PLANS to bring a big wheel back to York have cleared the first hurdle, after ruling councillors gave tentative approval to a new site.
World Tourist Attractions wants to put a wheel in St George’s Field car park for three months, to gauge public opinion.
The ruling executive of City of York Council, which owns the car park, yesterday agreed to the idea in principle. WTA will now draw up a detailed application, for consideration by the council’s planning committee.
Damon Copperthwaite, assistant director of city development, told yesterday’s meeting that a letter of objection had been received from Bishops Wharf management company, which represents people living in flats across the Ouse from St George’s Field, but he said the objections were a matter for the planning committee.
Council leader Andrew Waller said: “As landowner, we would be expected to give a view here. There is no intrinsic reason why the wheel should not be on that site, although there may be views expressed at the planning meeting.”
Former leader Steve Galloway, now responsible for city strategy, said nobody at the council had forced WTA to move from their previous site, beside the National Railway Museum in Leeman Road, and said their more recent request to site a wheel beside the Park Inn Hotel in North Street had been inappropriate.
The executive also yesterday approved plans to press ahead with trying to make York an official World Heritage site.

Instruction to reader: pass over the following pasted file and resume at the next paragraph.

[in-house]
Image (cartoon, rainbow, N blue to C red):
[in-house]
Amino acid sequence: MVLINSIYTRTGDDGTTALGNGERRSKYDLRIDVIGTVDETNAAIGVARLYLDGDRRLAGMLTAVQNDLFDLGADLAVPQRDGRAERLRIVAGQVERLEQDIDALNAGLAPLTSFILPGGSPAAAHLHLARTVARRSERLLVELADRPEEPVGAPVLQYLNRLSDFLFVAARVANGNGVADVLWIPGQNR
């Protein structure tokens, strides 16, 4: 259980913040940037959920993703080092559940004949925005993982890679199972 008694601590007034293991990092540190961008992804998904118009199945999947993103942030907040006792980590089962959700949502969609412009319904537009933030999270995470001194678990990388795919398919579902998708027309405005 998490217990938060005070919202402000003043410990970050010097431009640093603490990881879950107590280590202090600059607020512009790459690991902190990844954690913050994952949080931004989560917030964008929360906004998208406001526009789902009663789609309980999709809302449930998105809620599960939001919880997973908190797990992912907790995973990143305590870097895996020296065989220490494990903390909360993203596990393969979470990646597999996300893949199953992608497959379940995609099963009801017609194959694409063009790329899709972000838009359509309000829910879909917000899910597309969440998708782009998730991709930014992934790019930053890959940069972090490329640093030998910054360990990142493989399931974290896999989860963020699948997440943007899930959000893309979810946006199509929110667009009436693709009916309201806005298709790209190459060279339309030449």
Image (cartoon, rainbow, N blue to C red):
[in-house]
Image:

Former Lord Mayor Janet Hopton said York had wasted a chance to attain the status in 1990, and said this would be the last chance to rectify that until 2022.
Sir Ron Cooke, chairman of the Without Walls group and former vice-chancellor of the University of York, said the city ticked all the boxes for World Heritage recognition, saying: “It is unequivocally an area of outstanding status.”
Coun Christian Vassie, responsible for leisure and culture, said it was vital that York emphasised its social history and impressive documentary archives, rather than focussing on buildings such as the Minster.
Coun Waller said attaining status would not be easy, but said: “If we were to kill off this opportunity, I do not think we would be forgiven.”
The executive also formally opposed plans for a new £6 million link road for Bishopthorpe, saying it would be too expensive and yield too few benefits. That matter will now be referred back to a meeting of the whole council.